Jim Behling
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posted 07-20-2015 12:18 PM     Click Here to See the Profile for Jim Behling   Click Here to Email Jim Behling     Edit/Delete Message   Reply w/Quote
quote:
Originally posted by Paul78zephyr:
But why — why — were the computer simulations at MIT never done in this configuration which would have found this issue?
I believe I read this somewhere is that they didn't know about the intent to fly with rendezvous radar on.

moorouge
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posted 07-20-2015 01:02 PM     Click Here to See the Profile for moorouge   Click Here to Email moorouge     Edit/Delete Message   Reply w/Quote
quote:
Originally posted by Paul78zephyr:
Are you saying Kranz is wrong?
Both Garman and Paules say so.

Blackarrow
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posted 07-20-2015 04:26 PM     Click Here to See the Profile for Blackarrow     Edit/Delete Message   Reply w/Quote
Hansen says 5th July. Chaikin says "first week in July."

Robert Pearlman
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posted 07-20-2015 04:42 PM     Click Here to See the Profile for Robert Pearlman   Click Here to Email Robert Pearlman     Edit/Delete Message   Reply w/Quote
Per the endnotes, Hansen is citing Kranz's book.

David C
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posted 07-20-2015 06:29 PM     Click Here to See the Profile for David C   Click Here to Email David C     Edit/Delete Message   Reply w/Quote
quote:
Originally posted by Paul78zephyr:
They all (Bales, Garman, et al) knew what it meant...
It depends upon what you mean by "knew what it meant." They all knew it was a program alarm and that one man had the answer — Garman, as to exactly what action to take. Garman had produced a "cheat sheet" with the answers in front of him and could look up any alarm immediately.

So in a very real sense no-one knew what it meant precisely. It had to be checked, and it was one guy's job to have that information - however he did it.

moorouge
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posted 07-21-2015 02:11 AM     Click Here to See the Profile for moorouge   Click Here to Email moorouge     Edit/Delete Message   Reply w/Quote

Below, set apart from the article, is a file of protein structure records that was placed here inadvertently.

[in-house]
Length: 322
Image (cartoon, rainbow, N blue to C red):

My apologies for being a bit of a bore on this, but to make it clear that both Garman and Paules are clear when the aborted simulation took place.

This extract is from a Garman interview for NASA Oral History Project made on 27th March 2001 -

But I clearly recall helping them come up with a couple of semi-fatal computer errors, errors that would cause the computers to start restarts. Well, it was one of those or a derivation of one of those, it was just a few months before Apollo 11, I'm quite sure it was May or June — and I'm sure you know by now exactly when—that a young fellow named Steve [Stephen G.] Bales, a couple years older than I was, was the Guidance Officer, and that was the front-room position that we most often supported because he kind of watched the computers.

One of these screwy computers alarms, "computer gone wrong" kind of things, happened, and he called an abort of the lunar landing and should not have, and it scared everybody to death. Those of us in the back room didn't think anything of it. Again, we weren't in touch with the seriousness of simulation to the real world. "Okay, well, do it again."

But Gene Kranz, who was the real hero of that whole episode, said, "No, no, no. I want you all to write down every single possible computer alarm that can possibly go wrong." Remember, I'm looking at this as, "Well, we should have thought up a better failure," and he's looking at it like, "This stuff can really happen," partially because he didn't understand the computers, but partially because he's absolutely right. He's looking at the forest and not the trees. So he made us go off and study every single computer alarm that existed in the code, ones that could not possibly happen, they were put in there just for testing purposes, right down to ones that were normal, and to figure out, even if we couldn't come up with a reason for why the alarm would happen, what were the manifestations if it did. Is it over? Is the computer dead? What would you do if it did happen, even if you don't know?

So we did. We did. I still have a copy of it. It's handwritten, under a piece of plastic, and we wrote it down for every single computer run and stuck it under the glass on the console. And sure enough, Murphy's law, the onboard computers ran in two-second cycles, which is horribly long in today's computer world.